Skip to Navigation
Skip to Content

Support Oregon PSR!

Join us in building a healthy environment and promoting sensible security policies. Make a donation to Oregon PSR today

Donate Now »

Take Action

Tell Congress you won’t support phony chemicals policy reform -- only real, health-protective reform.

Thank You for Supporting Out of the Shadows: Remembering Hiroshima and Nagasaki

Oregon Physicians for Social Responsibility expresses our most sincere appreciation to everyone who attended, supported, volunteered for, and helped plan “Out of the Shadows: Remembering Hiroshima and Nagasaki” on Monday, August 6th, 2012. This year’s commemoration, which marked the 50th anniversary of organizations in Portland memorializing those killed at Hiroshima and Nagasaki, was an enormous success, and we’ve received lots of positive feedback from attendees, presenters, performers and organizers alike. We could not have manifested this commemoration of the victims of the atomic bombings of these two Japanese cities without the assistance of our many dedicated supporters, and we very much appreciate all of your help!

The memorial event, held each year around the anniversaries of the 1945 atomic bombings of Hiroshima (on August 6th) and Nagasaki (on August 9th), serves to honor and remember the hundreds of thousands of victims of this horrible tragedy, this unforgettable failure of our species to promote peace and understanding instead of fear, hostility and violence. In the words of President Truman’s Chief of Staff Fleet Admiral William D. Leahy “The use of [the atomic bombs] at Hiroshima and Nagasaki was of no material assistance in our war against Japan… My own feeling was that in being the first to use it, we had adopted an ethical standard common to the barbarians of the Dark Ages.” It is this barbaric darkness, this shadow of the threat of nuclear annihilation that even today is cast over humanity, that our annual commemoration event seeks to move us out of into a brighter, more secure, and more peaceful nuclear-free future.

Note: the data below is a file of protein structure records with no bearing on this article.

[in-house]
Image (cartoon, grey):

We had an incredible turnout this year, with hundreds of guests in attendance for our hour-long program of speakers, poets, dancers, performance artists and musicians. We are thrilled  that so many people joined together to hear about, and to take action for, a nuclear-free world, and the presence of so many inspires us in this critically important work. Many of those in attendance took immediate action by signing postcards to Oregon Senators Wyden and Merkley encouraging them support continued reductions in US nuclear arsenals, commit to a global ban on nuclear weapons testing, and to eliminate funding for unnecessary new nuclear weapons facilities and programs. We hope that everyone who attended learned something and were inspired to consider the impact of nuclear weapons on our world and, what is more, to proactively do something about it!